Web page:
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I am currently playing a dungeons and dragons campaign in which there are some new elements. My party, being the nerds that we are, is looking to experiment with them and attempt to discover new ones using a spectroscope. The problem is that we need a solvent that will dissolve our sample. I was wondering if there were any suggestions as for what to use, or how to obtain it, as the game takes place in a medieval time period. Acetone would be best, but I'm not sure that it's possible to extract that from nature, although it does occur naturally. Thanks!

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  • $\begingroup$ Are the samples minerals from which the elements have to be refined? $\endgroup$ – Klaus-Dieter Warzecha Nov 29 '16 at 21:52
  • $\begingroup$ No, we either have, or can refine the materials ourselves. $\endgroup$ – James Kirk Nov 29 '16 at 21:55
  • $\begingroup$ I was asking because strong acids, such as sulfuric acid or nitric acid would have been possible solvents. For these, historical methods of preparation, that would fit in the medieval time frame, are known. $\endgroup$ – Klaus-Dieter Warzecha Nov 29 '16 at 22:02
  • $\begingroup$ That's a good point, someone had mentioned aqua regia, but I didn't know how to find the medieval preparation methods, nor whether that actually existed. Originally, I was thinking perhaps melting it with something similar to thermite, do you think that would work? $\endgroup$ – James Kirk Nov 29 '16 at 22:06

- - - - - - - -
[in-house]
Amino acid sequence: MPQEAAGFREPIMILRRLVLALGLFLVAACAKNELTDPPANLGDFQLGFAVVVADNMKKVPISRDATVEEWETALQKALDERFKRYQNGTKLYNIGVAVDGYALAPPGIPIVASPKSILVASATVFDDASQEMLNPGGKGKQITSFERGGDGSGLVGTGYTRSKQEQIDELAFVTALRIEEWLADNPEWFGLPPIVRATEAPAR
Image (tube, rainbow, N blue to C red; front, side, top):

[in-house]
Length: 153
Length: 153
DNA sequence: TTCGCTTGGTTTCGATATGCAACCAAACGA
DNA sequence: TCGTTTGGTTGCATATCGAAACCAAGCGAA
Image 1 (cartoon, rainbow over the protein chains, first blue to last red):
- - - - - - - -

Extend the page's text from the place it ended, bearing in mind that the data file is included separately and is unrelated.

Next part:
• $\begingroup$ Btw, welcome to Chemistry.SE! I always like questions on chemistry in fiction :) If you like to know a bit more on how this site works, please have a look and take the tour :) $\endgroup$ – Klaus-Dieter Warzecha Nov 29 '16 at 22:36
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The medieval "nerd" in a D&D campaign might use acids to get minerals into solution.

Sulfuric acid ($\ce{H2SO4}$, vitriol oil) was initially prepared by heating iron(II)-sulfate ($\ce{FeSO4 · 7 H2O}$, iron vitriol) in a retort. The emerging sulfur trioxide was collected an led into water.

Nitric acid ($\ce{HNO3}$) was prepared by heating mixtures of potassium nitrate ($\ce{KNO3}$, saltpetre) with iron vitriol.

Hydrogen chloride ($\ce{HCl}$) was available by the reaction of vitriol oil with halite ($\ce{NaCl}$).

Mixing hydrochloric acid with nitric acid would then give aqua regia.

Another method to get the cations of minerals with low solubility in water into solution is the so called Aufschluß.

Here, one would either melt the mineral with

  • a mixture of soda and potash, or
  • a mixture of sulfur and potash

in a crucible and eventually leach out the now soluble material with water.


Admittedly, our D&D alchemist still doesn't have a spectroscope :\

In order to characterize the metals in the samples, he could use his Lötrohr, a kind of blow pipe and blow the flame of his oil lamp onto the sample place on a piece of charcoal or a gypsum plate. From the colour of the flame and/or the colour of the residue formed, he could draw some conclusions on the metal.

If our medieval science hero is a bit ahead of his epoch, he would also carry some borax in a bag and create borax pearls for a bead test.

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